What Stranger Things Teaches Us About Parenthood
Amidst all the 80’s nostalgia and sci-fi action, there are some valuable things to learn about parenting from Stranger Things. In my previous post, I highlighted the beauty of an ordinary African American family sitting down together for breakfast.
As valuable and rare as it is to see such a positive depiction on our television screens, there are also other important things to be observed about parenthood in Stranger Things. For the sake of time and space, I’ll just point out a few.
As viewers will quickly observe, Mike and Nancy Wheelers’ parents are some of TV’s most oblivious people.
In Season 2, the Wheeler’s are still just as hands-off as they were in season 1, but we get a closer look at Mr. and Mrs. Wheeler as individuals. One scene that stands out is when Billy Hargrove goes looking for his sister at the Wheeler residence.
Just before Billy arrives, Mrs. Wheeler is in the bathtub with the lights low, candles lit, reading a romance novel. Mr. Wheeler is in the den, sleeping in his recliner. Each parent is in their own world, completely unaware to where their kids are or what the other is doing.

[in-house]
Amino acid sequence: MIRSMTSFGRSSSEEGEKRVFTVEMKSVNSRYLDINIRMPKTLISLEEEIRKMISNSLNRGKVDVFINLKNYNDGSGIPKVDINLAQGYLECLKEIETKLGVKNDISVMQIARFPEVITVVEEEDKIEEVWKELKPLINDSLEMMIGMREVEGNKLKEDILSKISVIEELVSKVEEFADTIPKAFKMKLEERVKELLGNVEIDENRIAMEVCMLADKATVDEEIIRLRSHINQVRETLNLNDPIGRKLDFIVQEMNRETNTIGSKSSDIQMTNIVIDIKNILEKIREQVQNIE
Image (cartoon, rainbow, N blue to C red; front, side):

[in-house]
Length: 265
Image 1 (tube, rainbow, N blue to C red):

Scenes like this one reveal that the Wheelers are withdrawn as parents. Ted Wheeler, while he is the family’s sole provider, is merely a parent in presence. In season 1, his own daughter, Nancy, accuses him of marrying Mrs. Wheeler just to form the typical nuclear family. As a father, he’s simply a role in the family system.
He, like Mrs. Wheeler, never knows the whereabouts of their children. He’s unaware his son hid Eleven in the house for weeks or how his son is processing the loss of a friend. Ted appears apathetic when it comes to engaging in the lives of his children. Like many TV fathers (and real-life fathers), although he’s present in the home, Ted Wheeler isn’t actually present.
Karen Wheeler is a stay-at-home mother who is always present with her children but she shares in the same obliviousness as her husband. She is frustrated in her marriage. She married Ted only because he was a safe option with a well-paying job. Karen’s dissatisfaction is on display as she’s always escaping through a glass of wine or romance novel.
The Presence of Parents